Second Year of Dental School

A few short months ago, back at the beginning of fall semester, a couple random classmates and I were chatting while standing in line to use a model trimmer. We were talking about the newly minted first year dental students and how fresh faced and eager they all were (as, I’m sure, we were just a year prior). Having newer dental students at the school was quite novel to us then. Somebody mentioned that one of the newbs was Vlogging dental school, another kid commented that a few people have Vlogged first year of dental school but nobody vlogs second year.

See, second year of dental school is a bit like Fight Club in that you don’t talk about the second year,not while you’re in it

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….because you just don’t have the time and energy Actually it’s like Fight Club in some other ways too: second year students (D2s) all look pretty rough and beat but there’s a comradery to being on the inside, it’s challenging but we’re revelling in the difficulty of the tasks at hand, getting through it provokes a deep sense of pride and accomplishment. But, mostly, we are all in pain (physically from stress and lack of sleep or mentally and emotionally) and questioning our collective existence while just trying to survive the hours and hours of labs and lectures; just trying to get through the competencies and skills tests, the rotations and the exams. Holy hell, the exams! We had 10 finals total, 8 in one week along with a random four hour Sim lab crammed in for good measure. By the end of finals week the D2s looked like the walking dead in scrubs.

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But we survived. We all somehow made it to the two and a half week December break and, as far I can tell, most everyone did so thoroughly enough to make it to the next semester.

So what is the point of this post? I’m not really sure…to share the misery? Not really. To give you a peek into the life of a D2 student? Definitely not! There just isn’t time; another intense semester just started and it’s going to be at least as arduous as the one I just survived. In fact, the schedule this semester was so daunting that I considered going off grid and not coming back to school….if only I wasn’t already a quarter million dollars deep in student loan debt. Most likely I just need to whine a little about this. Because it is, and has been, super rough these past few months. In the really tired moments I question what I’m doing and why I’m here. I wonder if I made a huge mistake and feel panic and dread inside. On paper I am excited and grateful to be where I am and to have this opportunity (and I really, truly am) but the magnitude of the task at hand is great. I don’t feel ready and suddenly I just don’t know if I can handle the responsibility of patients’ health and well-being resting in my hands. All those decisions being mine to make and the consequences if them being my responsibility (and liability).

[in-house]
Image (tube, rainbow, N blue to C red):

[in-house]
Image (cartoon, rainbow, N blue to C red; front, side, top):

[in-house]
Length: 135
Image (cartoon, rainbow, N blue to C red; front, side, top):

Towards the end of that brutal finals week, while sitting in a small room with a few classmates who have also become friends, trying to cram enough information into my brain to do okay on the next final, I brought it up. “Maybe I’m Not supposed to be a dentist and I should just go home now.” I said in a not quite joking tone. I question and doubt myself on a daily basis right now. I feel like I’ve worked so hard and learned so much since August of 2018 but I really don’t know anything. How am I going to be ready to treat patients in four very short months? One of my friends whose dad is a dentist then said she’d been feeling the same way lately and that she unloaded to her dad about it. Apparently he reassured her that most dental students feel that way at some point in second year.

The self-doubt is real, folks, but it seems this is “normal” for the second year of dental school. Congratulations, me, I’m normal! Maybe this self-doubt and sense of impending dread that’s so pervasive is what makes us into good dentists. Perhaps the fear of being incompetent and harming people with our ineptitude is what motivates us D2s to kick it up yet another notch and push ourselves just a little harder. Could it be that this stress and struggle is the transforming fire that we have to pass through? I guess we’ll see.